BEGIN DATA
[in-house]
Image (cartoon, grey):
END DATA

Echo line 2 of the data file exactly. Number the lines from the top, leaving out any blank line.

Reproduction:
Image (cartoon, grey):